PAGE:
Tabindex: A Quick Look
Tabindex: A Quick Look
In this short article, we take a look at how to include tabindex in your front-end code. By mastering this, you will write more efficient and user-friendly forms.
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When dealing with element focusing, tabindex plays a big role. This attribute indicates if the element can be focusable and reachable via keyboard navigation. When pressing the Tab key, the browser shifts focus from one element to another. By using tabindex, we can change the tab order flow.
When creating an element, styling should be included.
Tabindex accepts integer values. They can be:
- Negative (usually
tabindex="-1") - the element is not reachable through keyboard navigation.
tabindex="0"- the element is reachable by the keyboard navigation but the order is defined by the document's source order.
- Positive - the element is reachable by the keyboard navigation, and the order is defined by the value. For example,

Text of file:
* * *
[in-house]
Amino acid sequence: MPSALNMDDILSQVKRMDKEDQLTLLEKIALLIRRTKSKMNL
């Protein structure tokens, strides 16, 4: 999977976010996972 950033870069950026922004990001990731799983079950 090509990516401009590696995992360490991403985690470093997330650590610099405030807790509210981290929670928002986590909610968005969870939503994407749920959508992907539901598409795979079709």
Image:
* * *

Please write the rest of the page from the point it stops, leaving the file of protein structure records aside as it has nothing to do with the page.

tabindex="2"is focusable before
tabindex="3", but after
Tabindex can be used on the following elements:
- anchor (a)
After creating any of these elements, give the text a proper line-height.
<body> <label>This element will be focused second</label> <input name=”field1” type=”email” tabindex=”2” /> <label>This element will be focused first</label> <textarea rows=”4” cols=”5” tabindex=”1”></textarea> <label>The second focused last</label> <input name=”field3” type=”text” tabindex=”3”/> </body>
Here we can see the order of the tab selection, starting from the lowest to the highest number. If an element has
tabindex="0", it will be excluded from the tab order. If two elements have the same tabindex value, they will be selected in the order which they appear in the element.
This short article summarizes the usage of the tabindex. By mastering this, you will write more efficient and user-friendly forms.
Thank you for reading and happy coding!
Published at DZone with permission of Tatjana Boskovic , DZone MVB. See the original article here.
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